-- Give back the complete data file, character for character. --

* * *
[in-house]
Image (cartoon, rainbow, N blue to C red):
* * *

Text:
[in-house]
Image (cartoon, rainbow, N blue to C red):